A UK high court's ruling could put Britain's plan to leave the European Union in jeopardy. The court said Article 50, which begins the UK's withdrawal process from the European Union, can't be triggered without a Parliament vote.
"This could make things a little stickier for [UK Prime Minister Theresa May] and maybe there will be more concessions on both sides," said Timothy High, a U.S. interest rates strategist at BNP Paribas, referencing May's hard stance on what's known as Brexit.
The pound rose 1.1% against the dollar on the ruling, which is expected to make its way to the UK's Supreme Court. The pound has been on a downward spiral since the UK's June 23 decision to leave the European Union. Throughout October, the currency stood at a near 30-year low against the dollar.
High said the ruling may also jeopardize May's timeline for triggering Article 50, which was initially set at March 2017.
The negotiations process of the UK's exit from the European Union is set to take two years once Article 50 has been activated.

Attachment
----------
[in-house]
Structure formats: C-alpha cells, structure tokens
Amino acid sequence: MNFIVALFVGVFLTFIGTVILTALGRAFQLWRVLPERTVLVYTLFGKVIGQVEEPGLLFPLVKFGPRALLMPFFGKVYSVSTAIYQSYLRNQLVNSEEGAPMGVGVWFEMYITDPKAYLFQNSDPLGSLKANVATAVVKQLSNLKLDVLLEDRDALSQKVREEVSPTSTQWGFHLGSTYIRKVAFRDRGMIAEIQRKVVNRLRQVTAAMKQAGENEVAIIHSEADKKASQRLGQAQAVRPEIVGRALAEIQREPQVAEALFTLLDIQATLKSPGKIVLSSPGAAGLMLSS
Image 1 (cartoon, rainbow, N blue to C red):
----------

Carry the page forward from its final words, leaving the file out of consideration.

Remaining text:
Meanwhile, the Bank of England left benchmark interest rates unchanged, following its Thursday policy meeting. The central bank cut interest rates to 0.25% from 0.5% back in August, in an effort to calm any negative economic fallout from Brexit.
"This was no surprise that the Bank of England did nothing, left its options open to move either way from here but this is exactly what we expected," High said.
Last week's better-than-expected third-quarter GDP print for the UK calmed fears of a looming economic downturn. The UK's economy grew 0.5% during the quarter, beating economists' forecasts of 0.3% growth.
On that note, the UK raised its 2017 growth forecasts on Thursday, saying the economy should grow 1.4%, compared to its previous August estimate of 0.8%.
"Indicators of activity and business sentiment have recovered from their lows immediately following the referendum and the preliminary estimate of GDP growth in Q3 was above expectations," the Bank of England said Thursday in a statement.